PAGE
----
Atlanta rabbi regrets Rosh Hashanah sermon that cast the left as enemy of Jews
The Rabbi named the Women's March, Black Lives Matter and the LGBTQ rights movements as representative of the left's betrayal of Jews. He later said he meant only the radical left.
A rabbi at a suburban Atlanta synagogue apologized for a Rosh Hashanah sermon after congregants complained that he appeared to cast the American left as inimical to the Jews.
“The great threat that we face as Americans and as Jews comes not from the alt-right but from the alt-left,” Rabbi Shalom Lewis said last month in a High Holidays address to Congregation Etz Chaim in Marietta, Georgia. “Some are violent, rampaging criminals, others wear suits and ties, jeans and T-shirts. Some make no pretense of their disdain for America while others appear loyal citizens. Their tactics are different but their goals are the same.”
Lewis, who stepped down as senior rabbi this year after serving the Conservative congregation since 1977, named the Women’s March, Black Lives Matter and the LGBTQ rights movement as representative of the left’s betrayal of the Jews because each movement includes strident activists for Palestinian rights.
“As Americans and as Jews, we must pick a side,” the 68-year-old spiritual leader said. “And though it should be an easy choice it is confusing because the left claims the moral high ground, wrapped in what they define as tolerance, equality, sensitivity and decency when in truth their agenda is intolerant, unequal, insensitive and indecent.”
In an interview last week, Lewis said he regretted not making clear that he was referring to the radical left, not the entire left.
“If I was to deliver that talk again, I would throw in more adjectives to describe the word ‘left’; that’s my teshuvah,” he said, using the word for repentance, “even though there were many people who clearly understood what the target was.” Lewis said adjectives he should have used include “radical” and “extremist.”
Lewis emphasized that his apology was for how congregants understood his sermon and he stood by its message.
In the interview, the rabbi described himself as a liberal who believed in rights for the LGBTQ community, women and blacks, but who was appalled at what he said was the infiltration of radicals into movements advocating for these groups, as well as into the Democratic Party.
“I stated there also, the good Democrats have to recapture the Democratic Party so it’s back to the center,” he said. Lewis noted that he is no fan of President Donald Trump.
Lewis wrapped up his sermon, which was shared on the right-wing website Frontpage Mag, by likening the silence of Jews in the face of what he describes as the threat from the left to the “craven” Germans who failed to stop the Nazi rise to power.
He dismissed concerns about the August march by neo-Nazis and white supremacists in Charlottesville, Virginia, that ended when an alleged white supremacist drove his car into a crowd of counterprotesters, injuring at least 20 and killing one, then closed his address by citing the same demonstration.
“My friends, Charlottesville is the price of freedom …,” he said. In a blog post in August, however, Lewis had decried what he saw as the inadequacy of Trump’s response to Charlottesville.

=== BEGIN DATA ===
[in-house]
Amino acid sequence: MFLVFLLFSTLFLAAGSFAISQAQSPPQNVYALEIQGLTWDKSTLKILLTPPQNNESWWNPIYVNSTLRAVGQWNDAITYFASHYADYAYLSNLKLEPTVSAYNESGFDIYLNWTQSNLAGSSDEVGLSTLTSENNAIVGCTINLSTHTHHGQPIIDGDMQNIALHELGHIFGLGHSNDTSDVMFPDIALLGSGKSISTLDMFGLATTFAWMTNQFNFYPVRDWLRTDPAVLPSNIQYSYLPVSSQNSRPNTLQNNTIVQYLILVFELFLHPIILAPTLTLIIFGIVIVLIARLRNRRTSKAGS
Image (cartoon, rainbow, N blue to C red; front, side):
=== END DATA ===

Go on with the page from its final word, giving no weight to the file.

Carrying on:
In the interview, the rabbi said there was no comparing the threat from the radical right to the radical left.
“The threat from the far right regarding anti-Semitism, which is real, is certainly not as significant and not as great a threat that I see nurtured on the left, which is filtered through the lens of Israel,” he said.
Lewis sent out a letter of apology to congregants after his sermon stirred outrage in the week following the holiday and read it to the congregation during Yom Kippur services.
“I hurt and angered many with my words on Friday,” he said at the time. “I am truly sorry. In no way was my intention for people to feel that I was demeaning their core values or beliefs. I perceive a threat to our shared values and beliefs, but I do not view anyone in our congregation as a moral culprit. I am shaken that folks I admire, love and call friends have been in a place of great distress these past days because of my sermon.”
Lewis suggested in the letter that he would defer in the future to the counsel of the congregation’s senior rabbi, Daniel Dorsch.
“I will do everything in my power going forward to support his success and vision for our future,” he said.
In 2014, Lewis stirred controversy with another Rosh Hashanah sermon, when he was accused of dehumanizing Muslims. In that instance, he described in stark terms what he said were the 50 million Muslims who are radical.
“The enemy has eyes and ears. Fingers and toes. Speaks with lips. Runs with legs. Eats. Drinks. Has the face of a human being — but has a much different heart and a much different soul,” the rabbi said three years ago, decrying what he called the “silence” of the remaining 950 million Muslims.
The sermon reportedly earned the rabbi a standing ovation from the 2,000 congregants in the sanctuary.
He told the Atlanta Jewish Times that critics of the sermon were “dishonest.”
“I am proud of the sermon and would not change a word in it,” Lewis said at the time. “It is honest and needed to be said — now it needs to be heeded.” PJC